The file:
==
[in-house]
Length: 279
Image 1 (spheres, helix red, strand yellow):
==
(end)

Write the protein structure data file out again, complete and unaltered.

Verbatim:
[in-house]
Length: 279
Image 1 (spheres, helix red, strand yellow):